On the Oberlin ethos
Ryan Brazell ’05
“It’s about refusing to put ANYONE into a box, regardless of what they may appear to be on the surface. It’s about treating others with dignity, and kindness, and respect, regardless of whether you agree with or even understand another’s point of view.”
As a student, I immersed myself in all that Oberlin had to offer. I raided the freshly-made bread meant for breakfast in Tank Co-op, slogged through proposal after proposal on the OSCA Board, pored over cases of suspected Honor Code violations with the Student Honor Committee, logged untold hours ridding computers of their demons at the CIT, banged junkyard car parts with Oberlin Steel, drank DeCafe smoothies and napped in public places more often than I care to admit, and -- oh yeah -- was honored to learn from and with brilliant, talented, creative scholars who genuinely loved their work. (If Elizabeth Hamilton offers her East German Cinema course again, by the way, please take it. You will be glad you did.) I worked hard, I played hard, and I learned some invaluable lessons about myself and the world around me. In other words, I had the typical, extraordinary, irreplaceable Oberlin experience.
However, it wasn’t until I started working with Barbara Sawhill in the Cooper International Learning Center that everything clicked. My education wasn’t meant to be shoved in a box with my old IRS returns, gathering dust and being hauled out only to prove that I really did pay up, Mr. Taxman, I promise. Nuh uh. Oberlin had afforded me an incredible breadth and depth of knowledge, an unfailingly inquisitive nature, and a diverse and widespread network of peers. Now, what was I planning on doing with all of that? Hmmmm? Insert image of Barbara looking supportive yet stern, arms crossed, foot tapping impatiently. The hard work had only just begun.
Little did I know that what started as a professional challenge would lead to a voyage of personal reflection and self-discovery. Little did I know that the person most tolerant of my false starts, most supportive of my trials and errors, and most understanding of the personal and professional challenges that would lie ahead would be someone with whom I had very little in common, at least on the surface. Little did I know that I would arrive in Oberlin as Ms. Erin Brazell, and leave as Mr. Ryan Brazell. Barbara was present for some of the most difficult months of my life, and even though I didn’t always recognize it at the time, she never once stopped being extraordinarily caring and kind.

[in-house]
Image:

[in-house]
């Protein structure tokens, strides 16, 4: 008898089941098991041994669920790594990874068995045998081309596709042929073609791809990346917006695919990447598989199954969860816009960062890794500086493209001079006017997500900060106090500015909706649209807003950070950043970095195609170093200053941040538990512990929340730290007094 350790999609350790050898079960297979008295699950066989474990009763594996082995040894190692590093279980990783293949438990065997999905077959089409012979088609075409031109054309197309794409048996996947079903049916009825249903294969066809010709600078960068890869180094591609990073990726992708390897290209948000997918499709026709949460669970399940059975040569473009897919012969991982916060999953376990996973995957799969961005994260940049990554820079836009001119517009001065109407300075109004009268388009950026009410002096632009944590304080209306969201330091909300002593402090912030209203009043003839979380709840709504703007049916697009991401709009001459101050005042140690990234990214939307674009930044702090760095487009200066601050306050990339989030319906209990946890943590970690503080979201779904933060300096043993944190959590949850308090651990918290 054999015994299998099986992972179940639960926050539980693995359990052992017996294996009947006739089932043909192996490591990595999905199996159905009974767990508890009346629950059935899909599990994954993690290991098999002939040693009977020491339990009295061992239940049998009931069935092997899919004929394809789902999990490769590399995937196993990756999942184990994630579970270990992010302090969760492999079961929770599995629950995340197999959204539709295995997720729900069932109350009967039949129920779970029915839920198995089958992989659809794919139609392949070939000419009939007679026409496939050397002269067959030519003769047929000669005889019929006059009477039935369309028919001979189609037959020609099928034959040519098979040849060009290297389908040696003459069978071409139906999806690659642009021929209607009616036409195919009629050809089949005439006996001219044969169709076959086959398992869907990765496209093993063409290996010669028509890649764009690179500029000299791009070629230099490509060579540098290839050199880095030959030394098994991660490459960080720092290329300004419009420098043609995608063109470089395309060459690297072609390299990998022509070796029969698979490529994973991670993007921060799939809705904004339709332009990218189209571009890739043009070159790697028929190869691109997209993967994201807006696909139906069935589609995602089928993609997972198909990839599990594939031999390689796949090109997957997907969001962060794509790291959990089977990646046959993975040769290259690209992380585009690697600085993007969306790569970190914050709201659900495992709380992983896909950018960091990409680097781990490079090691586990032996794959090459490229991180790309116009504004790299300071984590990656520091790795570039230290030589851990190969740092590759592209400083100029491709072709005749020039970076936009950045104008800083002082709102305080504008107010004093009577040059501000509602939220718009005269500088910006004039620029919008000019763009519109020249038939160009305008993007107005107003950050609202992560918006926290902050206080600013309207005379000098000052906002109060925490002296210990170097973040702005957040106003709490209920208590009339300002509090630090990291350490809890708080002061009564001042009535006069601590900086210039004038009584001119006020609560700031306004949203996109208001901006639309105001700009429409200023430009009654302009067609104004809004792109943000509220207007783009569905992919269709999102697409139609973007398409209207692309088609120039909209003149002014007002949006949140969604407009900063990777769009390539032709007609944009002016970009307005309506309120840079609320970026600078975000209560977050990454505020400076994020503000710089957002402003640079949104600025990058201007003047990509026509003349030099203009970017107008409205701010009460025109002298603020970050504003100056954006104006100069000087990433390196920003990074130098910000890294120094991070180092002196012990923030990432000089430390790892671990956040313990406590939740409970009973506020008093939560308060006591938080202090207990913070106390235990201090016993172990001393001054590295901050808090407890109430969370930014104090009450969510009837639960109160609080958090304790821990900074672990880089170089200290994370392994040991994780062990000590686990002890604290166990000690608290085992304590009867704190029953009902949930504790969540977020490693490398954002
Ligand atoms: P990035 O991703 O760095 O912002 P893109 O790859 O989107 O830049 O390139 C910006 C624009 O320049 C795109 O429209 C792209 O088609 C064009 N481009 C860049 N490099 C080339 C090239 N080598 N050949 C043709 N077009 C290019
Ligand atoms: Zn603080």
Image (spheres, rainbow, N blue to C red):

That, to me, is the Oberlin ethos. It’s about refusing to put ANYONE into a box, regardless of what they may appear to be on the surface. It’s about treating others with dignity, and kindness, and respect, regardless of whether you agree with or even understand another’s point of view. It’s about showing love and compassion for your fellow humans, and being willing to take the high road regardless of whether it benefits you personally to do so. Living up to that moral standard is incredibly difficult; every day presents a new challenge. Oberlin can and will provide the tools for success, sometimes when and where you least expect it. Stay open to the possibilities.
You may also like
On the Asia House dragon
“It would have been tedious work except that it was ambitious, self-directed, and had nothing to do with classes or credits. What made it something to look forward to was the enjoyment of working...
Bill Heinrich ’81
On attending the Tank pig roast
“Events like this, where wildly different people end up hanging out together, are common at Oberlin.”
Brook Luers ’12
On defining Oberlin
“There are thousands of attributes, numbers and statistics that you could chime off that make Oberlin marginally better or worse than any given institution...what the Princeton Review or the US News...
Jaremy Rich ’07